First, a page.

G: What are a few songs in your iTunes collection that people would be surprised you have?

B: Randomly, “As the World Falls Down” by David Bowie (from the movie “Labyrinth”), “Milk” by Garbage, “Amnesty” by SK8.

G: I heard you’re performing at “Market Days” in Chicago in August. Can you elaborate?

B: I’m currently working on a new single with Carlprit, the rapper from Cascada’s “Evacuate the Dancefloor.” We are meeting with a few record labels later this month regarding it and I’m really feeling good about it. Market Days is one of the biggest gay street festivals in the country held every year, and I’m honored to be one of the headliners this year along with Joan Jett, Jon Secada, Blake Lewis, Jennifer Holliday and White Tie Affair. I’m performing Sunday, August 8th, on the big stage. I’m putting together a 40-minute set like I’ve never done before. My two dancers, Dana (who has danced for the NY Knicks) and Katie and I are going to be doing everything from a jazzed-up version of my dance single “I Wanna Hold You” set to the song “Fever” to a dominatrix-ish style “VIP.” I’m definitely excited to put together an actual story and show to go with the songs than just performing them, and hopefully this is just the start.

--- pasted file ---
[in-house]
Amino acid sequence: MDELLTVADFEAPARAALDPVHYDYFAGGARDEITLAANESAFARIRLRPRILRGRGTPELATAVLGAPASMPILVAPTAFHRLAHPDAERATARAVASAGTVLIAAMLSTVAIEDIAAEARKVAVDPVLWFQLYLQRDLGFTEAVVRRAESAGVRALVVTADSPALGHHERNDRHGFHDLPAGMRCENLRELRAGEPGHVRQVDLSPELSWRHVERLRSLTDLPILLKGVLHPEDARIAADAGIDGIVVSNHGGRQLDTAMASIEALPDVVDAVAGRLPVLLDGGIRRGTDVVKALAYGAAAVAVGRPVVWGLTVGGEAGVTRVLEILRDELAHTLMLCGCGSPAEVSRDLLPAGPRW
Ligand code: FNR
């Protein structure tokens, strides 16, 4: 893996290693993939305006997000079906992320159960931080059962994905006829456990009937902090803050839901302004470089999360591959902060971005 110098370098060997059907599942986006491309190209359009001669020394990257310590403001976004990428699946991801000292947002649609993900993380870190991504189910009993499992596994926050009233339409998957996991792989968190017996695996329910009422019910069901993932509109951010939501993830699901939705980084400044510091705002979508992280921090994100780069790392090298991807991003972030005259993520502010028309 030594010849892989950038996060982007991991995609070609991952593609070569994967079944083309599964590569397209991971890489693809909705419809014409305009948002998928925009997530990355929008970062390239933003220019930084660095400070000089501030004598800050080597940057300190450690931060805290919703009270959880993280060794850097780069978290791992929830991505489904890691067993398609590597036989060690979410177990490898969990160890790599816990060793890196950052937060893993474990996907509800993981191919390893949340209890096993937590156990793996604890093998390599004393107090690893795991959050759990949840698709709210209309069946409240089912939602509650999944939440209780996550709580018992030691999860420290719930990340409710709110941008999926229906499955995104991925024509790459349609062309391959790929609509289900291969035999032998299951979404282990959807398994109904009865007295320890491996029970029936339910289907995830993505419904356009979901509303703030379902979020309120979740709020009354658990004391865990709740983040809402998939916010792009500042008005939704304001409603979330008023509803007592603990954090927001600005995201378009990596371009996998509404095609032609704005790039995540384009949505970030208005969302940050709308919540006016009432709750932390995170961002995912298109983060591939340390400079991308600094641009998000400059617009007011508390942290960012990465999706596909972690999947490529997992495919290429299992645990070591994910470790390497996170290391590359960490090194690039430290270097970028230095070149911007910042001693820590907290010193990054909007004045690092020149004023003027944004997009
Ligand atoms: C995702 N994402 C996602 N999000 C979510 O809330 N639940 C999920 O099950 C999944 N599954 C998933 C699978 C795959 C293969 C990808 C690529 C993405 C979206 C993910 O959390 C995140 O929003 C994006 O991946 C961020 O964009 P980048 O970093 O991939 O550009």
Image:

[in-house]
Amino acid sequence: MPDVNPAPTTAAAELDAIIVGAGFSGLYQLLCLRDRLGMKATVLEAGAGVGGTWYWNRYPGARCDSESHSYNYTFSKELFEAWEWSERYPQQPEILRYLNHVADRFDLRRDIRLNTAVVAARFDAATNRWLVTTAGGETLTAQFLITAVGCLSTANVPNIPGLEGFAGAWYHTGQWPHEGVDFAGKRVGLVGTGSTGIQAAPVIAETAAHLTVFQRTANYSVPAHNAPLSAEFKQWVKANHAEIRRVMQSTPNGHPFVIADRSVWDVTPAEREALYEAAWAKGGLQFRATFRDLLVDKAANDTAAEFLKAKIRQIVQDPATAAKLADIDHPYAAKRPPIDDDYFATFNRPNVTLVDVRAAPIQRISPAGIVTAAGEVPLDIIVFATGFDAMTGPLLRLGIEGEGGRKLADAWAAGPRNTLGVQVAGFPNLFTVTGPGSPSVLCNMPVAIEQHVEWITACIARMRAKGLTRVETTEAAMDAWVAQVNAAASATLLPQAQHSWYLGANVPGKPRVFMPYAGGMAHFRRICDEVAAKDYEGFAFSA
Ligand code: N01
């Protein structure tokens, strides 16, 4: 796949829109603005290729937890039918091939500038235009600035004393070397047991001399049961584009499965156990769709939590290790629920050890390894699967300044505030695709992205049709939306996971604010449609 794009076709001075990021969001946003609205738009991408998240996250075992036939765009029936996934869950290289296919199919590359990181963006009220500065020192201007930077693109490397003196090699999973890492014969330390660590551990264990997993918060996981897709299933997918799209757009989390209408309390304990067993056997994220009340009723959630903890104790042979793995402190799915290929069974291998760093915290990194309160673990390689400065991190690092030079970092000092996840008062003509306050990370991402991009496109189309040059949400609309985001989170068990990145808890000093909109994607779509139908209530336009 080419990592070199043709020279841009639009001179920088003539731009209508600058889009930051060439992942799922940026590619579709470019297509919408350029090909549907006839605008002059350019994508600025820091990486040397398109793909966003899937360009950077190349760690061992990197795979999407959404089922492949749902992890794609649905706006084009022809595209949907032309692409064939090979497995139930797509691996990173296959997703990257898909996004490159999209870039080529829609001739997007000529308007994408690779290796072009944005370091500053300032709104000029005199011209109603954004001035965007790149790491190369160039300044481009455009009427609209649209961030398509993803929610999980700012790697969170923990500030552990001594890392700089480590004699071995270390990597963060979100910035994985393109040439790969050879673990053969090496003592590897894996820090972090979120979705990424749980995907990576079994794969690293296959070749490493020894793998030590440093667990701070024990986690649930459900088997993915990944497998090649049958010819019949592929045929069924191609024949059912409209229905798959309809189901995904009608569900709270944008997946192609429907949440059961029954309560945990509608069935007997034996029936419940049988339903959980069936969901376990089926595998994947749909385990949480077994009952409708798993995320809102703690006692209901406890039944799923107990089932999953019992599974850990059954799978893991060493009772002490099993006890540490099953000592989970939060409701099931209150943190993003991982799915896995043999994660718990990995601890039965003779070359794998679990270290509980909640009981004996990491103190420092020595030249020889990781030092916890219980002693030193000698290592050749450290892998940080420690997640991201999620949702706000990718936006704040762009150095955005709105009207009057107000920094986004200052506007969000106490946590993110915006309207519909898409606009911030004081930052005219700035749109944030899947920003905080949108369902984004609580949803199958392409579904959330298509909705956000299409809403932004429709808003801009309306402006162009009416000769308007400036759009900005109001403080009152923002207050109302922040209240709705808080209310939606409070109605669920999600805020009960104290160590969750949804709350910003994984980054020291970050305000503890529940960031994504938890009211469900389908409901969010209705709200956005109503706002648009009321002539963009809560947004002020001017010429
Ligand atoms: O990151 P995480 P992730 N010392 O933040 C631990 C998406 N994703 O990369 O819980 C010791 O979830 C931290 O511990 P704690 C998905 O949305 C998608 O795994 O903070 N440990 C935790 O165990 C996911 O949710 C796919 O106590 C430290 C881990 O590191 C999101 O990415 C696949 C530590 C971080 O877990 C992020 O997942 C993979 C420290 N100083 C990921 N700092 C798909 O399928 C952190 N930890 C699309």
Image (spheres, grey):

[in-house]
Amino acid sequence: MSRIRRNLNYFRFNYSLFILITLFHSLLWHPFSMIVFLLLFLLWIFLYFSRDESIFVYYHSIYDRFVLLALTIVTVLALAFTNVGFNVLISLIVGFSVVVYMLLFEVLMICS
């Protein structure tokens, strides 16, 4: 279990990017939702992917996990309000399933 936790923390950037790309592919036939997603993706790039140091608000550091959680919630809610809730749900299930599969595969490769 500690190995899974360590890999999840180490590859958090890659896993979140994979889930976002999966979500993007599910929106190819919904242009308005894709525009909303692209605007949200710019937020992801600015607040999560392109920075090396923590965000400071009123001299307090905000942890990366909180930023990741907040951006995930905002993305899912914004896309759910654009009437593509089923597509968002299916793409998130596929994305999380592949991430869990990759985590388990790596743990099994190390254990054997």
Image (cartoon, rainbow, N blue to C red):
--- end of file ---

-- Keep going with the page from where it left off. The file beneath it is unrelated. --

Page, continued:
Catch “V.I.P.” on HBO Zone’s “Feedback” and at Vevo.com, MTV.com and on Logo’s “Click List Countdown,” or buy it on iTunes. We recommend: “V.I.P. – Mixin Marc & Tony Svejda Explicit Extended” mix.